Thursday, November 23, 2006

On Not Getting Anything Out of the Liturgy, 3

When asked to explain the reasons for the historic liturgy, my friend and former professor Lester Ruth, will often respond by asking, "What is Jesus doing?" After getting some answers, he invites his questioner to look at Hebrews 8:1-2,

Now the main point in what has been said is this: we have such a high priest, who has taken His seat at the right hand of the throne of the Majesty in the heavens, a minister in the sanctuary, and in the true tabernacle, which the Lord pitched, not man. (NAS)

What Jesus is doing right now is ministering in the sanctuary of the true tabernacle in heaven. According to Hebrews, the earthly tabernacle/temple was a shadow of the true tabernacle/temple in heaven. So Jesus is fulfilling his messianic role as High Priest even as I write this blog post.

Hebrews 8:2 calls Jesus a "minister" in the heavenly sanctuary. The Greek for minister is
leitourgos. This is where we get our English word liturgy. Jesus is literally the liturgist in the heavenly tabernacle/temple. Jesus is the celebrant of the liturgy in the heavenly tabernacle/temple. Jesus is the lead worshipper in the heavenly tabernacle/temple.

Liturgy literally means a work for the people. In ancient Rome public works were often built by persons of prominence with their own wealth. If a tribune named Flavius built a bridge on the road leading out of Philippi, this work would have been called a liturgy. (c.f. The Catholic Encyclopedia.) Over time, this word came to be used of worship in the temple, because the priestly worship was service to God on behalf of the people.

Christ's liturgy involves the totality of his messianic vocation. His life, death, resurrection, ascension and eventually his return is a work done for all people. His liturgy also involves what he is doing right now in the heavenly temple. He is the High Priest who brings before the Father the offering of himself by blood for all people.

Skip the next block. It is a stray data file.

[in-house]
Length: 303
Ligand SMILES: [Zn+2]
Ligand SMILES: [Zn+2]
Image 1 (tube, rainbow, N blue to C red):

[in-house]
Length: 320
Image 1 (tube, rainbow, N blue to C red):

Our liturgy is a participation in Christ's liturgy. When we do the liturgy on the Lord's Day, we dare to believe that we are going into the heavenly places with Christ. (St. Paul tells us we are seated there already. Cf., Ephesians 2:6.) We see this in the Communion prayer itself. The prayer begins with an interaction between the celebrant and congregation called the Sursum Corda. Sursum Corda means lift up your hearts. Why do we lift up our hearts? Because we need to remember where we are going -- to heaven! We lift our hearts up to the Lord that we might participate in the Lord's liturgy. The communion prayer also invites to, "Join our voices with angels, archangels and all the company of heaven." The assumption is that worship is going on in heaven and we are joining the host of heaven in its worship before the throne of God. Only one person worships God perfectly: Jesus. Worship is something we do in Christ. He is the one true worshipper. By virtue of the presence and power of the Holy Spirit we are able to join our offering to Christ's offering and give praise to the Father.

The central act of participation is the Holy Communion. The bread and wine signify Christ's broken body and shed blood. As we saw in the previous post, these signs are acts of remembrance in that they take us back to the upper room and especially to the cross. These signs are also acts of participation. When we ask the Holy Spirit to, "Descend upon these gifts and make them to be for us the body and blood of our Lord Jesus Christ," we are asking him to mystically sweep these signs and ourselves into the heavens that we might feed on the broken body and shed blood of the risen and ascended Christ. He is alive now. He is ascended now. He feeds us now. Through this feeding, we become part of Christ's self-offering to the Father. By joining ourselves Christ's offering, we can come with bold confidence before the Father's throne because we know we are fully accepted in him.

The liturgy is one unfolding act of grace. In that unfolding act of grace we participate in the liturgy of Christ -- his work on our behalf. Alleluia!

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